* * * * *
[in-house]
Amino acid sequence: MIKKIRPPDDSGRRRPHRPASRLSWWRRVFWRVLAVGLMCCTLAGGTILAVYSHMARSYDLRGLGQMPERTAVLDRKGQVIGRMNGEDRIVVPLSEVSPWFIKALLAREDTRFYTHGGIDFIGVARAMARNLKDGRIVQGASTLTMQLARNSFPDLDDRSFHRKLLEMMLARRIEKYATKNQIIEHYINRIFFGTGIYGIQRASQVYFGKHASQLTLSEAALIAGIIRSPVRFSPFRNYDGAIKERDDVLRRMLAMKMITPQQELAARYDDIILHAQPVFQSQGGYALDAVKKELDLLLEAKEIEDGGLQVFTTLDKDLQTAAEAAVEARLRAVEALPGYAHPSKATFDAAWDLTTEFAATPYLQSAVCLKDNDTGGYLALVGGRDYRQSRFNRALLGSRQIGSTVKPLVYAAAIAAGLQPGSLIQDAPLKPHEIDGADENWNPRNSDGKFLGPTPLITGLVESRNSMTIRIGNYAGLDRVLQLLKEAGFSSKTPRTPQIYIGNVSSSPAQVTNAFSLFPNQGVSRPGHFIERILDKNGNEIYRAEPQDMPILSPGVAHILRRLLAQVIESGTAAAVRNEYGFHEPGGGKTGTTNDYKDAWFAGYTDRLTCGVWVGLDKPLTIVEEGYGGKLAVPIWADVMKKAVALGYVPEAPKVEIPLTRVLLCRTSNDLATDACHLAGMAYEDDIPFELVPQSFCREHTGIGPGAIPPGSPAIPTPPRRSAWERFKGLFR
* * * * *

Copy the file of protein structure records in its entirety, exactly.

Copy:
[in-house]
Amino acid sequence: MIKKIRPPDDSGRRRPHRPASRLSWWRRVFWRVLAVGLMCCTLAGGTILAVYSHMARSYDLRGLGQMPERTAVLDRKGQVIGRMNGEDRIVVPLSEVSPWFIKALLAREDTRFYTHGGIDFIGVARAMARNLKDGRIVQGASTLTMQLARNSFPDLDDRSFHRKLLEMMLARRIEKYATKNQIIEHYINRIFFGTGIYGIQRASQVYFGKHASQLTLSEAALIAGIIRSPVRFSPFRNYDGAIKERDDVLRRMLAMKMITPQQELAARYDDIILHAQPVFQSQGGYALDAVKKELDLLLEAKEIEDGGLQVFTTLDKDLQTAAEAAVEARLRAVEALPGYAHPSKATFDAAWDLTTEFAATPYLQSAVCLKDNDTGGYLALVGGRDYRQSRFNRALLGSRQIGSTVKPLVYAAAIAAGLQPGSLIQDAPLKPHEIDGADENWNPRNSDGKFLGPTPLITGLVESRNSMTIRIGNYAGLDRVLQLLKEAGFSSKTPRTPQIYIGNVSSSPAQVTNAFSLFPNQGVSRPGHFIERILDKNGNEIYRAEPQDMPILSPGVAHILRRLLAQVIESGTAAAVRNEYGFHEPGGGKTGTTNDYKDAWFAGYTDRLTCGVWVGLDKPLTIVEEGYGGKLAVPIWADVMKKAVALGYVPEAPKVEIPLTRVLLCRTSNDLATDACHLAGMAYEDDIPFELVPQSFCREHTGIGPGAIPPGSPAIPTPPRRSAWERFKGLFR